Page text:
However, just before kicking off the help:// link, the malicious web page could launch a send your browser a "disk://..." URI which would download, say, a disk image to you which would be automatically mounted on your desktop (with or without the safe files checkbox checked mind you) and containing a shell script or Applescript contained inside with exactly the same instructions (Delete what you can).
After THAT, the browser would send the "help://" URI with the path to the script in the mouted diskimage on your desktop.
Roundabout for sure, but not too hard to create. THAT'S what scares me so much.
I just had a really odd experience. My mail program was open, and I started receiving a lot of mail, all directed to my blog comments folder. Anybody who reads this site knows I tend to average two comments per post if I'm lucky, so watching 98 (98!!) roll into that folder was disconcerting. I immediately went over to Jay Allen's Comment Spam Clearinghouse and got the latest copy of the Blacklist file, opened up my local blacklist, and imported the new version. To my surprise, however, none of the current spam was covered by it. Fortunately it was all coming from the same address, so I was able to add the originating URL to my new copy of the list and get rid of them easily, but...
The most distressing part of this was that the originating server address had been cannibalized from a site I know; I promptly sent off a message to warn the owner. I shudder to think how much hassle may ensue for the proprietor.
I just met Moosie at the airport, gave her and Mr. Moose a brief tour among the hills above Pearl Harbor, had lunch, and then found the Harley-Davidson shop so they could buy localized versions of H-D paraphernalia. They look well; Ali and Tom gave them a pleasant tour of the Big Island. They get on a plane back to the Mainland in just a little while. It's always fun to put faces to the names of other bloggers!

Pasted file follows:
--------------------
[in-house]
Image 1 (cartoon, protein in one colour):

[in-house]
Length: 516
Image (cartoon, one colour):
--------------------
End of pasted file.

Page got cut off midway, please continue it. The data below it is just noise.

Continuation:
Back in 1980 I got hired as Data Processing Manager for the Honolulu Club for the princely sum of $10,800 per annum. Suppose I wanted to know just how much that $11K is worth in today's dollars? By going to Economic History Services and clicking the How Much Is That link I could go to the Purchasing Power link, enter the number into a little box, enter the year into another little box, click the button, and learn that it has the same purchasing power as $24,128.84 does today. For a reality check, I could reach back into memory and remember that I could buy three packs of cigarettes and a 12-pack of Bud for just under $10 at the time. Now that would cost me about $27; $5 apiece for the smokes and $12 for the beer. Yup, the calculator seems to work.
There's a ton of fascinating (well, if you like the dismal science) material on that site.
Found in an otherwise ordinary article about a Christies auction of some of Sir Arthur Conan Doyle's papers:
The papers are to be auctioned off Wednesday, perhaps to disappear again into the obscurity of private ownership, a fate that had obsessed Richard Lancelyn Green, a former chairman of the Sherlock Holmes Society of London.
Lancelyn Green, 50, was found dead in his bed on March 27, garroted with a shoelace tightened by a wooden spoon, and surrounded by stuffed toys.
At an inquest last month, Coroner Paul Knapman said suicide was the most likely explanation, but he acknowledged there was no note, that garroting was a painful way to kill oneself, and that it therefore had been a "very unusual death." He said the deceased had been acting paranoid, but that people assumed it was baseless.
From the BBC's story about the inquest:
"Mr Lancelyn Green's sister, Priscilla, told the inquest she had become worried about her brother in the week before his death after a string of bizarre conversations.
"It was clear he was very concerned about the upcoming Sherlock Holmes sale," she said.
"This was Richard's life - Conan Doyle. It seemed that something about this sale was worrying him enormously and I tried to get him to explain to me what it was.
"He made comments about his own reputation, about the possibility of his name being in the papers, about people behaving in a way he did not expect them to and doing things he did not expect them to."
He had sent here a strange note with three names and their telephone numbers on it which had seemed to Ms Lancelyn Green "to be the beginning of a thriller novel".
The document had "Please keep these names safe" written on it.
The game is afoot indeed.
This is why the separation of church and state is so important.